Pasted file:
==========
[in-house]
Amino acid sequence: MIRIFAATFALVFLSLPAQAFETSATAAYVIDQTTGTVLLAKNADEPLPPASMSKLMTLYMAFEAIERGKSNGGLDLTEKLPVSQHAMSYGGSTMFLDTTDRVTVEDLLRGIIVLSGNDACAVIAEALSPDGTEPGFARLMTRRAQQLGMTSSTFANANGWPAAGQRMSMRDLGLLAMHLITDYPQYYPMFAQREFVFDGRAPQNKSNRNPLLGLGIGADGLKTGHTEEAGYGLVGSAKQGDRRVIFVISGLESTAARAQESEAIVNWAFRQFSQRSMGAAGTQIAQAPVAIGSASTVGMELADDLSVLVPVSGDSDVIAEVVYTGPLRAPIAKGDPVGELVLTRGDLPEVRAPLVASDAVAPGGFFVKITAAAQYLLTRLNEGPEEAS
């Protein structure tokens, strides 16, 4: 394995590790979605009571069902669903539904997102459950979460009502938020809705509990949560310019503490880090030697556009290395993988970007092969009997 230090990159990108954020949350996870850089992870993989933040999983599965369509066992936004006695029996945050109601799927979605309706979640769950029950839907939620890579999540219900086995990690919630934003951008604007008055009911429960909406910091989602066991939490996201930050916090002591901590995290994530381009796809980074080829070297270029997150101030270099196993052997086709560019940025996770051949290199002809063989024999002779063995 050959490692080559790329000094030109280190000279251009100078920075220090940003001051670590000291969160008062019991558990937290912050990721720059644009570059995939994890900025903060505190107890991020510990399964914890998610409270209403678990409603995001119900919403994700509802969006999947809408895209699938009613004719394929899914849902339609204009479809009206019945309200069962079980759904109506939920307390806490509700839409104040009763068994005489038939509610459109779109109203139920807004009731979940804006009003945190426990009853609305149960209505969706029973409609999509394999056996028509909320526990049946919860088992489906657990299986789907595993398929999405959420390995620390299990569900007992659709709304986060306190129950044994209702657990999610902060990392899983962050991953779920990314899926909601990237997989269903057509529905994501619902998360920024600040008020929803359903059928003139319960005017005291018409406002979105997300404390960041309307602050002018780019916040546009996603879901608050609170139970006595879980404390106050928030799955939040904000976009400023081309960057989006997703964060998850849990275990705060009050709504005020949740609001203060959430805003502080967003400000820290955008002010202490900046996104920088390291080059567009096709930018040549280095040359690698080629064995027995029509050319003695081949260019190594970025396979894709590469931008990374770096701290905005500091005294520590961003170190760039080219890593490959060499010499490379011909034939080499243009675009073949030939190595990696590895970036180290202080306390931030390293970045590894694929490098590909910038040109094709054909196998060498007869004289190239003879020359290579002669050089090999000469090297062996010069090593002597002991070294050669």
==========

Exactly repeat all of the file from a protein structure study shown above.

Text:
[in-house]
Amino acid sequence: MIRIFAATFALVFLSLPAQAFETSATAAYVIDQTTGTVLLAKNADEPLPPASMSKLMTLYMAFEAIERGKSNGGLDLTEKLPVSQHAMSYGGSTMFLDTTDRVTVEDLLRGIIVLSGNDACAVIAEALSPDGTEPGFARLMTRRAQQLGMTSSTFANANGWPAAGQRMSMRDLGLLAMHLITDYPQYYPMFAQREFVFDGRAPQNKSNRNPLLGLGIGADGLKTGHTEEAGYGLVGSAKQGDRRVIFVISGLESTAARAQESEAIVNWAFRQFSQRSMGAAGTQIAQAPVAIGSASTVGMELADDLSVLVPVSGDSDVIAEVVYTGPLRAPIAKGDPVGELVLTRGDLPEVRAPLVASDAVAPGGFFVKITAAAQYLLTRLNEGPEEAS
């Protein structure tokens, strides 16, 4: 394995590790979605009571069902669903539904997102459950979460009502938020809705509990949560310019503490880090030697556009290395993988970007092969009997 230090990159990108954020949350996870850089992870993989933040999983599965369509066992936004006695029996945050109601799927979605309706979640769950029950839907939620890579999540219900086995990690919630934003951008604007008055009911429960909406910091989602066991939490996201930050916090002591901590995290994530381009796809980074080829070297270029997150101030270099196993052997086709560019940025996770051949290199002809063989024999002779063995 050959490692080559790329000094030109280190000279251009100078920075220090940003001051670590000291969160008062019991558990937290912050990721720059644009570059995939994890900025903060505190107890991020510990399964914890998610409270209403678990409603995001119900919403994700509802969006999947809408895209699938009613004719394929899914849902339609204009479809009206019945309200069962079980759904109506939920307390806490509700839409104040009763068994005489038939509610459109779109109203139920807004009731979940804006009003945190426990009853609305149960209505969706029973409609999509394999056996028509909320526990049946919860088992489906657990299986789907595993398929999405959420390995620390299990569900007992659709709304986060306190129950044994209702657990999610902060990392899983962050991953779920990314899926909601990237997989269903057509529905994501619902998360920024600040008020929803359903059928003139319960005017005291018409406002979105997300404390960041309307602050002018780019916040546009996603879901608050609170139970006595879980404390106050928030799955939040904000976009400023081309960057989006997703964060998850849990275990705060009050709504005020949740609001203060959430805003502080967003400000820290955008002010202490900046996104920088390291080059567009096709930018040549280095040359690698080629064995027995029509050319003695081949260019190594970025396979894709590469931008990374770096701290905005500091005294520590961003170190760039080219890593490959060499010499490379011909034939080499243009675009073949030939190595990696590895970036180290202080306390931030390293970045590894694929490098590909910038040109094709054909196998060498007869004289190239003879020359290579002669050089090999000469090297062996010069090593002597002991070294050669």